Deborah Phillips, a psychologist at the Institute of Medicine, addressed some of the issues associated with early development and child care. While research on child care has affirmed that placing a baby in child care does not interfere with the mother-infant attachment relationship, she said, the quality of that child care–especially in infant care—can affect the early development of that child.
“The quality of the child care environment significantly affects the cognitive, linguistic, and social development of young children,” she said in her conference statement. “We’ve known this for a while with respect to 3- and 4-year-olds; now we know it about infant and toddler child care…. Young children, including babies, thrive in child care when it is of good enough quality.”
That quality, she said, depends on the caregiver; “Children show significantly better cognitive, language, and social development … when they are cared for by adults who engage with them in frequent, affectionate, responsive interactions-who are attentive, know how to read the baby’s signals and respond appropriately.”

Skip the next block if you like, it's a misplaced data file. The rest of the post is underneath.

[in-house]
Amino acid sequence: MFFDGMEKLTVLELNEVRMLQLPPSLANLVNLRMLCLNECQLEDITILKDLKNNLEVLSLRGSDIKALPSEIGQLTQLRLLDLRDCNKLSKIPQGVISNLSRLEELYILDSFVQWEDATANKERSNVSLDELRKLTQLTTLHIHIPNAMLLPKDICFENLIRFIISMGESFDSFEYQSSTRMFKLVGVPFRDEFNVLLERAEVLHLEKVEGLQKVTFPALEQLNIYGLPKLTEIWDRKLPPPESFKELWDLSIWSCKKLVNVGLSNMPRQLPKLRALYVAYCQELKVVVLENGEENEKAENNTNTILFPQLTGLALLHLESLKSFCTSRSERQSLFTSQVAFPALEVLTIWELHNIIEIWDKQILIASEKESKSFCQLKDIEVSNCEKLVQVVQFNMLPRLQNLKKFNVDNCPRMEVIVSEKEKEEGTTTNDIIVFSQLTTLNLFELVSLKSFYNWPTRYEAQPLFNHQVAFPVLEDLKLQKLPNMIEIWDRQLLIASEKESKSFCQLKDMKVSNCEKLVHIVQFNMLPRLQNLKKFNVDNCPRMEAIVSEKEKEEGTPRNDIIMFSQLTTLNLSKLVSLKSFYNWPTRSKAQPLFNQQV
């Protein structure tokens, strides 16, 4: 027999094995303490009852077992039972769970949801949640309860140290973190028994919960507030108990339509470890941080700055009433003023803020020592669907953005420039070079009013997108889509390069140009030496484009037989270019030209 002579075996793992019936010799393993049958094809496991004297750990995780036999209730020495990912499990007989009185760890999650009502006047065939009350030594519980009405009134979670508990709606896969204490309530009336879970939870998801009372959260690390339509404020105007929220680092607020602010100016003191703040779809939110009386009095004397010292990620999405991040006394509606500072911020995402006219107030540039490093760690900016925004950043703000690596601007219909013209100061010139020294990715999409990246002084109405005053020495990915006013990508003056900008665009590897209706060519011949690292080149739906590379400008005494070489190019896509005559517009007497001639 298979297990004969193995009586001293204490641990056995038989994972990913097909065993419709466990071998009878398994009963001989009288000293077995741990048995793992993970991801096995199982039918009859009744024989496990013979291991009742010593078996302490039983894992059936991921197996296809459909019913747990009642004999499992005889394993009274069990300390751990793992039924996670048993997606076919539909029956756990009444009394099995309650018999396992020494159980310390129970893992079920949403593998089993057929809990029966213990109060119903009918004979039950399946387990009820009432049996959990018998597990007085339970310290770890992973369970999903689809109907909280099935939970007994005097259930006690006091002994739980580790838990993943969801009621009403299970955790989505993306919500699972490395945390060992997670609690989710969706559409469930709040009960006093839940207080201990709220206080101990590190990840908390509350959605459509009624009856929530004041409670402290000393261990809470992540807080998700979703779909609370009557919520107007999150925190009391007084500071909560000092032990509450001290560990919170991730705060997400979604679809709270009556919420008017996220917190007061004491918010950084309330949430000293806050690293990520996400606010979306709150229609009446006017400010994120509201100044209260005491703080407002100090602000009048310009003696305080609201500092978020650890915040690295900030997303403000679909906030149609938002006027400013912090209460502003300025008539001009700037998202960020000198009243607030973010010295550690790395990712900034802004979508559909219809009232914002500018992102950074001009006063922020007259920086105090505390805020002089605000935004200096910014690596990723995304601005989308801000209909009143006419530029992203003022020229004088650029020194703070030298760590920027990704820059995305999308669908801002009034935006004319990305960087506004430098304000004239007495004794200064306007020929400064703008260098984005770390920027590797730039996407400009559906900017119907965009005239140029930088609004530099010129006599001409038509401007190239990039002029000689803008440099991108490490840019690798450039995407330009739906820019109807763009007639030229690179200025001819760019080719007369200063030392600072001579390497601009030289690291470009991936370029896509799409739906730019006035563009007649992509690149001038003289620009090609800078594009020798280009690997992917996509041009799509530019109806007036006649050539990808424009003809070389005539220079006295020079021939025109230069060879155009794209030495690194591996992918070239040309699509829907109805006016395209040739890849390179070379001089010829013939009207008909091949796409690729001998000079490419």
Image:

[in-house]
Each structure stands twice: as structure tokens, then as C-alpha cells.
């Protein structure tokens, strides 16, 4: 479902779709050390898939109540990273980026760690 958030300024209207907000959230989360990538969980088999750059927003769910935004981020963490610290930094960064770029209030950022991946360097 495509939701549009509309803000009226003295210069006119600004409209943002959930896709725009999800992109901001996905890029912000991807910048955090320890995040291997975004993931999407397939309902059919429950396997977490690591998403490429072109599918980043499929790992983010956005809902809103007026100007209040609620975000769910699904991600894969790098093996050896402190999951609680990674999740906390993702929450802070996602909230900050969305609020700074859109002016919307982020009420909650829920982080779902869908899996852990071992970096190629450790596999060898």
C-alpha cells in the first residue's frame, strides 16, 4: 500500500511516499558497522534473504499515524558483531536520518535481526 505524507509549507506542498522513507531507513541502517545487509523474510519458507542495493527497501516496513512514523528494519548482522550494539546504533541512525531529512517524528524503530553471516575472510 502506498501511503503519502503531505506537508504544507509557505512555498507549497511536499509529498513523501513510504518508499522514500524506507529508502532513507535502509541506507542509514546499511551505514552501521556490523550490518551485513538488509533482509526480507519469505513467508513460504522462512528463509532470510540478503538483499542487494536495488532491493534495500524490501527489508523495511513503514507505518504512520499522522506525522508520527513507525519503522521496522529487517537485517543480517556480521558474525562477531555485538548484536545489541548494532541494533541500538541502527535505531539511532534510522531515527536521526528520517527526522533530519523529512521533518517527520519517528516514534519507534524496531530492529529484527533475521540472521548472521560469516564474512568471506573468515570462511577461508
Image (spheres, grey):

Touching on what Kuhl said, Phillips noted that “language stimulation appears to be an especially critical aspect of these caregiver-child interactions …. It may be especially true for infants and toddlers who are so utterly dependent on their adult caregivers to meet their needs.”
In describing the importance of quality in child care and in achieving this quality, Phillips stressed the importance of small adult-to-child ratios in child care situations; training and education of care givers; and the stability of care givers in terms of staff turnover. “Wages predict turnover-it’s that simple yet we pay child care workers among the lowest wages of any workers in this country,” she said.
“Employers, government, and parents themselves all share a responsibility for meeting the needs of America’s children for high-quality child care,” said Phillips. “Parents need real choices, starting with the choice about when to start using child care- a matter of family leave policy. Parents also must be able to avail themselves of high-quality child care. This requires that parents know what to look for, how to look for it, know what questions to ask, have the time to look for it, and then, equipped with all of this, have real options of high-quality, affordable arrangements to choose among.”